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System of a Down Hypnotize Chart

Dark rockers return to the top with companion hit to "Mezmerize"

November 30, 2005 11:23 AM ET

System of a Down's Hypnotize, the companion album to their top-selling Mezmerize, took the Number One spot this week, selling 320,000 copies, according to Nielsen SoundScan. While this is a weaker showing than the previous release -- Mezmerize sold 130,000 more CDs in its first week out in May -- this is potent proof of the Los Angeles metal band's strong fan base.

While last week's Number One, Madonna's club-ready Confessions on a Dance Floor, fell to Number Four (210,000), this week brought a boost for country sensation Kenny Chesney's latest, The Road and the Radio. The former chart-topper climbed back up a spot to second place (303,000) in its third week out, most likely given a lift by Chesney's primetime ABC tour special last week.

The twentieth installment of the ever-popular hits series Now That's What I Call Music! continued to sell strong in the early holiday season, moving another 288,000 CDs to climb two spots to Number Three. And the soundtrack to 50 Cent's biopic, Get Rich or Die Tryin', featuring the superstar rapper and members of his G Unit crew, climbed up one place in its third week out (Number Five, 207,000) for another strong -- if unspectacular for 50 -- sales week.

The four new tracks on Mariah Carey's re-release of her blockbuster The Emancipation of Mimi continues to give the comeback album an added boost: Months after the original version hit stores, Mimi's at Number Six (204,000), down just two spots. But the latest American Idol, Carrie Underwood, shows less chart power, as her debut Some Hearts fell five places in its second week out to Number Seven (187,000). But if Underwood can hang onto the Top Twenty for a while, she still has a shot at matching fellow Idol Kelly Clarkson.

Other big debuts this week include mellow crooner Enya's latest, Amarantine, which sold 178,000 servings of New Age punch to hit Number Eight. While on the hip-hop front, Harlem rapper and Diplomats crew member Juelz Santana's fourth effort, What the Game's Been Missing!, moved 141,000 copies to land at Number Nine -- a slightly weaker showing than 2003's From Me to U, which bowed at Number Eight. And breakout Southern rapper Chamillionaire's major-label debut, The Sound of Revenge, made it to Number Ten, with 130,000 CDs sold.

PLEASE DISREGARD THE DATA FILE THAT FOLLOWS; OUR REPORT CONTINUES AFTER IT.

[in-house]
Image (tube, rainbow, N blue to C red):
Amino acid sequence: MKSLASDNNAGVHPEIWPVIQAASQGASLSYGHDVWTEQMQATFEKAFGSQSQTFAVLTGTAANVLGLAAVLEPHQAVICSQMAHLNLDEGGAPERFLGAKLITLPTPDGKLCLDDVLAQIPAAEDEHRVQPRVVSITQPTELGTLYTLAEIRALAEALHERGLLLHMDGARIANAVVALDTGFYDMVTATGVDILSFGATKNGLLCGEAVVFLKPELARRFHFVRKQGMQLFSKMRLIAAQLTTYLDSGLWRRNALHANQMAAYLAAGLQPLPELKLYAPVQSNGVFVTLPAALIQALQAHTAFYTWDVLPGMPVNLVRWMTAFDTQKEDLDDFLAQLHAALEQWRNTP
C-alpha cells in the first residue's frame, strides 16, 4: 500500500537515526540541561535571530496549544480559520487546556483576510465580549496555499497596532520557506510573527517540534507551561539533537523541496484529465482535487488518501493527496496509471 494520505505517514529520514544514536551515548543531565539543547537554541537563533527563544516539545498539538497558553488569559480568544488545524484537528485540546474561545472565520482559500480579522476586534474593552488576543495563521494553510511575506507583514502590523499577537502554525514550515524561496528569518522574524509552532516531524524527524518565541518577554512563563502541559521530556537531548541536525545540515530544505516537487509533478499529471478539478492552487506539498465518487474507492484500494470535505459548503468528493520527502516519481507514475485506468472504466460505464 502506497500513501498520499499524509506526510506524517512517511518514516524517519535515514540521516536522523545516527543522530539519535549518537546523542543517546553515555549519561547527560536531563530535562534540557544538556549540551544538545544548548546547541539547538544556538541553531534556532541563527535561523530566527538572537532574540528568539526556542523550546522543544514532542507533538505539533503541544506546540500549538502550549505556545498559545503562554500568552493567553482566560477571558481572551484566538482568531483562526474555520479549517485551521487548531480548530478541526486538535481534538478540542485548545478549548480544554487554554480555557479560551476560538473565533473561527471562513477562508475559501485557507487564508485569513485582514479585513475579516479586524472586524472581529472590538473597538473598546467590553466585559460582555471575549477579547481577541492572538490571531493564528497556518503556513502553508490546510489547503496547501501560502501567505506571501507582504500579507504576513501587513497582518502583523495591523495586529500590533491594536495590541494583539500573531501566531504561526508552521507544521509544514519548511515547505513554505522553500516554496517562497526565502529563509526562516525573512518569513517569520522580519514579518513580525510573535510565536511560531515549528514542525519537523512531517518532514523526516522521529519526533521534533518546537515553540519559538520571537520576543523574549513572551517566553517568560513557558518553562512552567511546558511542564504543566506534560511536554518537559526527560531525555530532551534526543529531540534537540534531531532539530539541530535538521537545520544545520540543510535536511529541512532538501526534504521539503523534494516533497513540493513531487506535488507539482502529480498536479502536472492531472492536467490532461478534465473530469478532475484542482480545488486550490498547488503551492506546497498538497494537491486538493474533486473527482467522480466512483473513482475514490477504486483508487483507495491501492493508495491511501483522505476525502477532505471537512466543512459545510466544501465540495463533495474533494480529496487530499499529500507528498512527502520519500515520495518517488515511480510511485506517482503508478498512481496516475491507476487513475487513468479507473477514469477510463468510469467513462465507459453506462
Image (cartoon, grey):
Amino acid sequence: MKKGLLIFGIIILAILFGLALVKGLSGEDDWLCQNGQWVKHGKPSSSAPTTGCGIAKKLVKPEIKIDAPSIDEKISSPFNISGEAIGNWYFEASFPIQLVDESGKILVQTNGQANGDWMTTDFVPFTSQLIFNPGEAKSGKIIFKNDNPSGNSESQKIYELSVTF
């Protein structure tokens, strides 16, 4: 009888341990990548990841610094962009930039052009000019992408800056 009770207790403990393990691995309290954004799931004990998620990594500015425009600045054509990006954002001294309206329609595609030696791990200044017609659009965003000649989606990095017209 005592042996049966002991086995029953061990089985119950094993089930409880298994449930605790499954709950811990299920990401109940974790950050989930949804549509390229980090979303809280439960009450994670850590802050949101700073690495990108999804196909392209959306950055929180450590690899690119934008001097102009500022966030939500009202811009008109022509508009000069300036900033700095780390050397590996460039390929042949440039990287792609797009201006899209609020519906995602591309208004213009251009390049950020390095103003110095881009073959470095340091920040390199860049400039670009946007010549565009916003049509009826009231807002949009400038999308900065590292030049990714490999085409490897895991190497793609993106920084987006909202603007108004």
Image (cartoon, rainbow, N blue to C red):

A less stellar debut came from former Creed singer Scott Stapp, whose solo debut barely cracked the Top Twenty: The Great Divide landed at Number Nineteen, with 94,000 copies sold -- hardly top form for the man who fronted a band that sold 25 million albums. And Try!, the live debut of John Mayer's side project, the blues rock John Mayer Trio, only made it to Number Thirty-Four (50,000) -- a bit of a disappointment for an artist whose last effort, 2003's Heavier Things, peaked at Number One.

For next week, expect Colombian singer Shakira to make the Top Five with the English-language follow-up to Fijacion Oral. And One Way Ticket to Hell . . . and Back, cheeky British rockers the Darkness' follow-up to their multiplatinum 2003 debut Permission to Land, are also set to do some chart damage.

This week's Top Ten: System of a Down's Hypnotize; Kenny Chesney's The Road and the Radio; Now That's What I Call Music! Volume 20; Madonna's Confessions on a Dance Floor; Music From and Inspired by Get Rich or Die Tryin'; Mariah Carey's The Emancipation of Mimi; Carrie Underwood's Some Hearts; Enya's Amarantine; Juelz Santana's What the Game's Been Missing!; Chamillionaire's The Sound of Revenge.

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Song Stories

“Whoomp! (There It Is)”

Tag Team | 1993

Cecil Glenn — a.k.a., "D.C." — was a cook at Magic City, a nude dance club in Atlanta, when he first heard women shout "Whoomp — there it is!" Inspired by the party chant, he and partner Steve "Roll'n" Gibson wrote a song around it. Undaunted by label rejections, they borrowed $2,500 from Glenn's parents and pressed 800 singles, which quickly sold out in the Atlanta area. A record deal came soon after. Glenn said the song was meant for positive partying. "If you're going to say 'Whoomp there it is,' and you're doing something negative, we'd rather it not have come out of your mouth."

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